Certain cells present in Keequay blood are capable of stimulating other cells to replicate a sample of SNA and using it as a template to recombine their own SNA to take on some of those cells' roles. They are produced by a gland within the brain and greatly increase the body's ability to repair damage. These cells are capable of locomotion utilizing a flagellum.

Genetics: Boron-based sassonucleic acid (SNA) featuring three nucleotides with triangular nucleobases. It is comprised primarily of ammonia, boric acid (sassolite), fluoride, lithium, and various organoborates such as rosocyanine and trifluoroborane.

Reproduction: Keequay are asexual during the wet season and hermaphroditic during the dry season. The change from hermaphrodite to one gender or the other is determined by a myriad of conditions such as: habitat, family size, nutrition, and social standing. They display no sexual morphism and their culture lacks permanent pronouns for males and females. The reproductive organ is located on the front of the torso at the bottom of the abdomen, protected by two hard, chitinous plates. Copulation is ritualized by Keequay society. Fertilization occurs internally and offspring are born live in an amniotic sac. This membrane is absorbed by the newborn's body over the course of the first year of life to take advantage of every nutrient available. During this time the host undergoes a metamorphosis localized to the reproductive organs, forming a birth canal. Upon giving birth this birth canal closes and the reproductive organs slowly regenerate. A Keequay is sexually viable every five T-years.

Gestation Period: Gestation lasts one-and-a-half to two T-years and birth usually allineates with the start of the wet season.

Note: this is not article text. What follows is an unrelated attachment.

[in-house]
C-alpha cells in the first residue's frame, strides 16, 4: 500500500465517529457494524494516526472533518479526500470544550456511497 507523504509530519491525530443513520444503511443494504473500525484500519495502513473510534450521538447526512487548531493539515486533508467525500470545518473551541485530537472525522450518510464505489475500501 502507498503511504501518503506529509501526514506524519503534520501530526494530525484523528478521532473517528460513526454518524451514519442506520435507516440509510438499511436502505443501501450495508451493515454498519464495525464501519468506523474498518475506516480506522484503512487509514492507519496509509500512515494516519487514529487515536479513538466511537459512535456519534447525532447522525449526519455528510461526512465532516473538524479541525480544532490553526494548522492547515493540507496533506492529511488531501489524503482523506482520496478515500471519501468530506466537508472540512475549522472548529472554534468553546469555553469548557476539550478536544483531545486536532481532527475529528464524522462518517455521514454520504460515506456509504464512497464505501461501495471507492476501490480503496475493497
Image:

Life Cycle: Keequay offspring spend their infancy in the amniotic sac, then mature to adulthood/sexual maturity over the course of forty T-years. The average lifespan of a healthy Keequay could be as long as three hundred or more T-years. Long lifespans and a lengthy reproduction process keeps Keequay birthrates lower than most other species of the galaxy.

Diet: Generally omnivorous with a primarily liquid diet, supplemented with gelatinous or malleable solids.

Sleep Cycle: Keequay do not have a rigid sleep cycle. Instead, they take a series of naps through the day.

Psychology

Overview: As a people, the Keequay prefer darkness to light and spend much of their lives indoors. Their cities are typically shafts bored into the ground, lined with structures. They are social but reverent of personal space. Any given Keequay society tends to be heavily striated with advancement coming with both age and number of offspring. To observers they may seem reluctant to communicate or even timid because they place great importance on speaking concisely. Their greatest public speakers are not known for their inspiring speeches, rather they are known for their ability to convey ideas or impart knowledge quickly. Vocal communication among collectives of Keequay is sparse. Body language and the written word take center stage.

Society & Culture

Sexuality: Open
Gender Roles: None
Language: Keequayan
Art/Music: Keequay very much enjoy visual arts but are all tone deaf, making music irregular in their entertainment.
Religion: Cults of personality are very strong within Keequay culture and have positions of influence over hierarchy and politics.
Philosophical Concepts: The most common philosophy among the Keequay is at once collectivist and individualist. It is referred to as 'heekakanu' and embraces the idea that the betterment of a single member of society in fact benefits the whole. However, the individual must have the will to improve itself. This tends to make the Keequay extremely industrious.

Psionics

Psionic Potential: Yes
Rate of Occurrence: Very low
Relative Power: Limited but powerful when focused in a specific discipline (such as telepathy)
Role In Society: Social pariahs who wield considerable influence through the fearful respect of the masses